The Benefits of Homemade Baby Food & 6 Easy Steps for Batch Cooking
Starting solids foods with baby is one of the most memorable milestones in parenting. Everyone loves to capture the memory of that first bite of cereal (which usually squishes back out through those little lips) and the big accomplishment of the first time she picks up the finger food and actually gets it in her own mouth.
If you’re looking to save a few bucks and offer your baby the freshest and healthiest possible food options, the best thing to do is make your own baby food.
We’re going to look at the why and how of homemade baby food. You’ll see a glimpse at how homemade baby food worked for my family and also some great resources (and recipes) for getting started.
Many of us cook our own adult food from scratch, so why not baby’s as well?
Most of the name-brand baby food options not only include the fruits and vegetables in these cute little containers but also fillers like water, tapioca, and chemically modified food starch. This food has also been industrially processed, which means it is less fresh, and therefore has probably lost some of its nutrients.
I’m also uncomfortable with all the plastic packaging that is a new trend. At least the cute glass jars have a seemingly-infinite amount of ways to be repurposed. But anyway you look at it, making your baby food will cut down on waste significantly if you’re using reusable containers and silverware.
There are healthier options for store-bought baby food, like organic brands (they are also still sold in glass jars), but these can be expensive. Making your own baby food is much cheaper, as is most scratch cooking compared with store-bought processed options.
The process might intimidate you but with a little practice and planning, it’s a very simple way to feed your baby. We’re going to talk about a batch-cooking method which saves time, and allows you to store up small servings that can be prepared in a pinch for a hungry babe.
As far as baby’s first food goes, powdered or flake-based cereals are also pricey, more processed, and provide more wasteful packaging. A much cheaper and more wholesome method is to make baby cereals from real grains (check out the resources below for cereal recipes).
Photo by mrs. bennettar
The Simplest First Foods
Once you move on past cereal, you’ll find that some of the first foods your doctor recommends don’t require any cooking, just some simple mashing skills. Avocado and banana are favorites that don’t take any special recipes.
And don’t be fooled into “baby applesauce”– the only difference from normal applesauce is its texture might be a bit smoother, which your blender or food processor can easily achieve.
In a Nutshell
Most baby foods that are not served raw are simply made by cooking and pureeing the food of choice.
In a pinch you can simply blend up a plate of vegetables that the rest of the family is enjoying for dinner for a more mature eater, or with a little planning you can batch-cook your baby food, which is the best method for younger eaters who will stick with one food at a time in the beginning.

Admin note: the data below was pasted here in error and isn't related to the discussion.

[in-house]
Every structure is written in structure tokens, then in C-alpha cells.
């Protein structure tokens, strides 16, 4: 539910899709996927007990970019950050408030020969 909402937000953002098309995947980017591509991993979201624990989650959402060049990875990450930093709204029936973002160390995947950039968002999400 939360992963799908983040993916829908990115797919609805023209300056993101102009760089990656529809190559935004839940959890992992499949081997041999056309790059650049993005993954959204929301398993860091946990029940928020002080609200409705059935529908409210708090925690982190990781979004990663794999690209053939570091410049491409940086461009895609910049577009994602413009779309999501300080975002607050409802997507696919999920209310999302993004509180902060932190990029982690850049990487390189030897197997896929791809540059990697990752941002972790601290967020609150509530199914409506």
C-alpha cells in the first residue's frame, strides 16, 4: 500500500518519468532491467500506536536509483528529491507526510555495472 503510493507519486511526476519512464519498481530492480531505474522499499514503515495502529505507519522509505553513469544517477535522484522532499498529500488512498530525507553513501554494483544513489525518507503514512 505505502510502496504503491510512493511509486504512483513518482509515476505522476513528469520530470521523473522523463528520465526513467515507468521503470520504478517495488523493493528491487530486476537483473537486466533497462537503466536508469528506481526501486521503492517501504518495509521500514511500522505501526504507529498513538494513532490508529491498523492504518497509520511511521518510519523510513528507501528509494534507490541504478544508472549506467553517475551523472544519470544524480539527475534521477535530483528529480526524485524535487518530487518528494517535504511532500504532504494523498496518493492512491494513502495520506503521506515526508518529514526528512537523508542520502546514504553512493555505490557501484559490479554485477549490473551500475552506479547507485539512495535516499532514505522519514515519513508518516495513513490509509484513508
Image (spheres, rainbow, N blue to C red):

Batch-Cooking for Baby
Here are a few easy steps for preparing, storing and serving cooked baby food.
1. Wash, prepare and if necessary, peel your food of choice.
2. Cook the fruit or vegetable, using the method of your choice (bake, steam, stove-top cook or microwave).
3. Puree in a blender, baby food mill or food processor to desired consistency, adding small amounts of water if necessary.
4. Pour into ice cube trays (check out this old-school stainless steel option!).
5. Once frozen, transfer to freezer bags labeled with food type (carrot and sweet potato look very similar in cube form!) and date made.
6. When baby is ready to eat, simply remove a cube or two from freezer and reheat in microwave or on stove-top to a safe temperature. Bon appétit, bébé!
Figuring Out What Works
Batch-cooking worked great for my family. I usually kept three or four types of food in the freezer so that once my daughter was accustomed to them I could trade off (pediatricians recommend introducing foods one at a time to check for and avoid allergies).
Don’t feel like it has to be all homemade or nothing. Start small if you’re fairly new to scratch cooking. With my daughter I used store-bought cereal, but next time around I plan to try making my own.
I also kept some store-bought options on hand for emergencies or travel. I’d love to hear your thoughts on traveling with homemade baby food if any of you have done it.
Resources for Homemade Baby Food:
- My baby food-making bible was the book Super Baby Food by Ruth Yaron. She goes through every step of preparation and batch-cooking and the book is basically an encyclopedia for how to cook any kind of fruit or vegetable that is helpful for any kitchen, even if you’re done with baby food.
- A helpful, free resource is the website Wholesome Baby Food, which has lots of recipes, tips and FAQs.
- And don’t miss NurtureBaby, a community and awesome resource for everything related to making baby food, including recipes, nutrition and techniques, founded by Simple Kids contributor Christen Babb.
Do you have any tips for making your own baby food? Any new or second-time moms feeling inspired to go for it? Let’s hear your thoughts!
You May Also Like:
Join thousands of readers
& get Tsh’s free weekly email called
5 Quick Things,
where she shares stuff she either created herself or loved from others. (It can be read in under a minute, pinky-swear.)